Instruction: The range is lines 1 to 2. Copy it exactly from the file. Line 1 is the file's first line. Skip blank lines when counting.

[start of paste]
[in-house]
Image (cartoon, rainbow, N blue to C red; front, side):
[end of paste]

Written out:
[in-house]
Image (cartoon, rainbow, N blue to C red; front, side):